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  1. ITV Report

Nearly half of top performing schools are 'socially selective'

Credit: PA

Nearly half of the top performing schools in Wales are 'socially selective' and accept fewer disadvantaged pupils.

The 40 state schools where pupils are most likely to get five good GCSEs, admit almost half the the number of disadvantaged pupils than the average state school.

While some of the gap is due to catchment area policy, the trust says a large proportion of it is due to schools being selective about pupils.

It says the percentage of disadvantaged pupils given a space in the top schools does not reflect the local community.

9.6%
of pupils in the top 40 schools in Wales are from disadvantaged backgrounds.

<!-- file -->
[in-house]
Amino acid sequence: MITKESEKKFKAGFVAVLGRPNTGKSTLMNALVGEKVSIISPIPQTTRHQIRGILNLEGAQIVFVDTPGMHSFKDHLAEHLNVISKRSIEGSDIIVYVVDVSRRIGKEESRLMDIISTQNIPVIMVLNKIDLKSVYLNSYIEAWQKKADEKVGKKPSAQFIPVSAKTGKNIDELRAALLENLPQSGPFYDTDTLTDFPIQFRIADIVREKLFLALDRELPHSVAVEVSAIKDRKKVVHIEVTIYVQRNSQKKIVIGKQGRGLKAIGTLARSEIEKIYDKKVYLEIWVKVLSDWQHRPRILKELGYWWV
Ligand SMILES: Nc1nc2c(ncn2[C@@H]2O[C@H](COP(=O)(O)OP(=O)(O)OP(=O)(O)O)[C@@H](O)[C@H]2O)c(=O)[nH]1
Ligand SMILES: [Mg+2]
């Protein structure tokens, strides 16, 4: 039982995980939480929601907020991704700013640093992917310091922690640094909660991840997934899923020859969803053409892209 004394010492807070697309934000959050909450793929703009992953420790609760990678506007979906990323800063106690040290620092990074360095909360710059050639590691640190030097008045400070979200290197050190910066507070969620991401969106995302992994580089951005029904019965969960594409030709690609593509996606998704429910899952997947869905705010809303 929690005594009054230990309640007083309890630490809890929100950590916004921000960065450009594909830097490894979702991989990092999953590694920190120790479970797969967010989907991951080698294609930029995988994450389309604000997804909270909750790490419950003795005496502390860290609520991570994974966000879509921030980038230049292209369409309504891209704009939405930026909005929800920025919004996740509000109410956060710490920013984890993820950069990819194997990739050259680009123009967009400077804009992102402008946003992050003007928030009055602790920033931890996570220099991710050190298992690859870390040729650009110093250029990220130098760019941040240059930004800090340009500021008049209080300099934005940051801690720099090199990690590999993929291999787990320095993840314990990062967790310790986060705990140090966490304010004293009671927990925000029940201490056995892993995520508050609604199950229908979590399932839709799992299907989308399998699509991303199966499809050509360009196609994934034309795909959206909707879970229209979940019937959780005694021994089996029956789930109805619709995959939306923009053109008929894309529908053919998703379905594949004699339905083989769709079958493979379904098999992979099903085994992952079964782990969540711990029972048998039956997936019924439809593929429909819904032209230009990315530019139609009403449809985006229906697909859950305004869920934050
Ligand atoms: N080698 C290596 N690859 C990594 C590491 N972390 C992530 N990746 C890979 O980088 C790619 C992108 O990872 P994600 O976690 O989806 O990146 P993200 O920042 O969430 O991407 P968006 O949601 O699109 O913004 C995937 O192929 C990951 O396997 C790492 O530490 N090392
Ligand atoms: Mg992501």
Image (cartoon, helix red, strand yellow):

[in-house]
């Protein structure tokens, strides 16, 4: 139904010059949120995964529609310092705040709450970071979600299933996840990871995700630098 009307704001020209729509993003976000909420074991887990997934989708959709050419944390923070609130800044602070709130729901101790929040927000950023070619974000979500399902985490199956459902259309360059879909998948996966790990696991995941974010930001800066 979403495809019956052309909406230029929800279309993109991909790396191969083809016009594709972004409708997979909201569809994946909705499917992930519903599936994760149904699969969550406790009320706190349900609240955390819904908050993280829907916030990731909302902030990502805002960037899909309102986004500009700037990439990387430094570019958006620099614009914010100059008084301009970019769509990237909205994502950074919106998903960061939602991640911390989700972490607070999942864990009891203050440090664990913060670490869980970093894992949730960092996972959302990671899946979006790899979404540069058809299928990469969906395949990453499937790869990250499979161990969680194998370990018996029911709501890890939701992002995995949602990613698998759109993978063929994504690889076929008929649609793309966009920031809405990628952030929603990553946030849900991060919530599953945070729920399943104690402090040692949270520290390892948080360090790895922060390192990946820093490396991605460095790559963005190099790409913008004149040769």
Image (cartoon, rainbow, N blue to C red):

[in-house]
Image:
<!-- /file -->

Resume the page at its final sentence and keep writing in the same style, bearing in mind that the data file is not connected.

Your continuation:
18.4%
of pupils in the average state schools in Wales are from disadvantaged backgrounds.

The Sutton Trust says Welsh medium cater to 'more advantaged' families.

All Welsh medium schools have a lower proportion of disadvantaged pupils, whether they are the the top performing or not.

The Charity is calling for changes in the admissions process, including prioritising disadvantaged pupils and providing better information and outreach to parents in deprived areas.

It says it will help improve access to the best school in Wales.

Getting a place at a good school is key to getting on in life. Yet the bottom line is that in Wales your chances of doing that depends on your parents' income and whether they can afford to live in an affluent area.

This is why we want to see more use of ballots - where a proportion of places is allocated randomly - as well as a focus on improving the quality of teaching in all schools, particularly those in the most disadvantaged areas.

– Sir Peter Lampl, Sutton Trust

The report also recommends that local authorities, particularly in urban areas, should consider a system with fewer incentives for middle class parents to buy homes in the catchment areas of top schools.